Today, Dr. Grandin is a best-selling author, and her Animal Welfare Audit is the standard in the industry. Half of the cattle in the United States and Canada are now handled by equipment Grandin designed. Some of the nation’s largest beef servers and suppliers— McDonald’s, Wendy’s, Burger King, Cargill, Tyson— pass the points of her audit: at least 95 percent of animals stunned on the first shot (usually with a captive-bolt gun that shoots a steel bolt into the head). No more than 1 percent falling. No more than 3 percent mooing. No more than 25 percent being hit with an electric prod. At this point, she says, “You can take someone right to the stunner line at one of the biggest slaughterhouses in the world,” and they’ll approve of what they see.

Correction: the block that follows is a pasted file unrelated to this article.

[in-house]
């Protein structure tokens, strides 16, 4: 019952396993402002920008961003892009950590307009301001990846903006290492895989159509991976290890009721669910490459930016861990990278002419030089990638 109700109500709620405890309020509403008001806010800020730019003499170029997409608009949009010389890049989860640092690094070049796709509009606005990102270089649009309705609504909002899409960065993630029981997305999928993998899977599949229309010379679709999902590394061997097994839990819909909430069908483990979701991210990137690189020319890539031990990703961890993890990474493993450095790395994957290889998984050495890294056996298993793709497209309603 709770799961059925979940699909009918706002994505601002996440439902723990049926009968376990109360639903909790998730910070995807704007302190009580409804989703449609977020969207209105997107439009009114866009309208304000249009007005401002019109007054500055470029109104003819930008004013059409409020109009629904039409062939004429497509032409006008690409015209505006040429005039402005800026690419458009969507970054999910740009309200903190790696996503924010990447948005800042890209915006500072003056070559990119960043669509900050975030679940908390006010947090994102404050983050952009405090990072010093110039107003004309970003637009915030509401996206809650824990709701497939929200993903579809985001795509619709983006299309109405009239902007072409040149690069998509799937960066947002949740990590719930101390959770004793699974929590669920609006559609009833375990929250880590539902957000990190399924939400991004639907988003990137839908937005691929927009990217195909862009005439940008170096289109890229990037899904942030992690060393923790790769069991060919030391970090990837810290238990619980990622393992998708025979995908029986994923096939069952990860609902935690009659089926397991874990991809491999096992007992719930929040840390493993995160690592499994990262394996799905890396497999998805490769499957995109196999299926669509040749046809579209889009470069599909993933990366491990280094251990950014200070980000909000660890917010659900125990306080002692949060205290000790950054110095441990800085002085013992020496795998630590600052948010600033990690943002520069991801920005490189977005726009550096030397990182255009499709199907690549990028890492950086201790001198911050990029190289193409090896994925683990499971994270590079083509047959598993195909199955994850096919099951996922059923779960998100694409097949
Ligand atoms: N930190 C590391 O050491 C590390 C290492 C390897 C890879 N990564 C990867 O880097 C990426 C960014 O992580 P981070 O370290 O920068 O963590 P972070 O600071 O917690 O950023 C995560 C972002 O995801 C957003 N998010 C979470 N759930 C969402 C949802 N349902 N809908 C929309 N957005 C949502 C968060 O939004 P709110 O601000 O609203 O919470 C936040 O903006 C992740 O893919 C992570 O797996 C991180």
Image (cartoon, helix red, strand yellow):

Perhaps the most serious thing that can go wrong with a ruminant on corn is feedlot bloat. The rumen is always producing copious amounts of gas, which is normally expelled by belching during rumination. But when the diet contains too much starch and too little roughage, rumination all but stops, and a layer of foamy slime that can trap gas forms in the rumen. The rumen inflates like a balloon, pressing against the animal’s lungs. Unless action is promptly taken to relieve the pressure (usually by forcing a hose down the animal’s esophagus), the cow suffocates.
–Power Steer by Michael Pollan
(The New Kings Of Nonfiction, edited by Ira Glass)